Last year, the CMAs sidelined Paisley and paired Underwood with two female country legends: McEntire and Dolly Parton. Underwood has since said that she won't return for a 13th year as host. The CMAs haven't announced their plans for this year. They have their work cut out for them following last year's female power trio and countering Urban on the ACMs. But that's healthy: The competition between awards shows keeps everybody on their toes. They try to outdo each other just as they try to top themselves.

Other shows that have had hosts in recent years that were exceptionally good fits include Neil Patrick Harris on the Tony Awards in 2009 and again from 2011-13; Pitbull on the American Music Awards in 2013-14; and Black-ish stars Anthony Anderson and Tracee Ellis Ross on the BET Awards in 2015-16.

The ACMs have a long history of booking former entertainer of the year winners to host their show. Roy Clark, Loretta Lynn, Mickey Gilley, Mac Davis, Alabama, George Strait, Parton, McEntire and Luke Bryan all hosted or co-hosted the show after they won the top prize.

Keys isn't the first Grammy host who is an all-time leading Grammy winner. Paul Simon, who has won 16 Grammys, including a record three record of the year awards, hosted the show in February 1981.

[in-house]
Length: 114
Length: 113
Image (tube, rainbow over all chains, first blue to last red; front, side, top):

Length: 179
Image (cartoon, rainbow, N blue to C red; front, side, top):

Likewise, Clarkson isn't the first host of the BBMAs who is a prolific hit-maker. Phil Collins, who hosted the show in 1992-93, has amassed 14 top 10 hits on the Hot 100 (and that doesn't even count seven top 10 hits he notched with Genesis). 'N Sync co-hosted the 2000 show less than nine months after they set a new first-week sales record (2.4 million copies) with their sophomore album, No Strings Attached. LL Cool J, who hosted the 2005 show (and went on to host the Grammys five times) has notched eight top 10 hits. Ludacris, who hosted or co-hosted the BBMAs four years in a row from 2014-17, has amassed 17 top 10 hits.

A good awards show host serves as a magnet who helps pull in an audience. The best of them have a light comic touch. Carson, the gold standard, opened the 1979 Oscars with this witty (and all-too-true) line: "This is the 51st Annual Academy Awards -- two hours of sparkling entertainment spread out over a four-hour show."

In a three- or four-hour live show, sometimes things go awry. A good host can save the day. At the 1992 Oscars, film pioneer Hal Roach, then 100, was introduced in the audience and was supposed to just stand and wave. Instead, he spoke at some length, unmic'd and inaudible to anybody more than a few rows away. Everyone felt bad that the moment was ruined. Crystal brought relief with an inspired quip: "This is perfectly fitting since he got his start in silent films."

The Grammys were fortunate to have LL Cool J as host in 2012 when Whitney Houston died the afternoon before the telecast, and to have Keys in place this year when Kobe Bryant died the morning of the telecast. Both were able to handle the moments with sensitivity.

Or an awards show can do what the Oscars did and go hostless—even though that usually looks like the show couldn't get any of the hosts they wanted, and didn't want any of the people who were available. The Oscars had their lowest ratings ever this year. Would a good host have prevented that embarrassing news item? It sure wouldn't have hurt.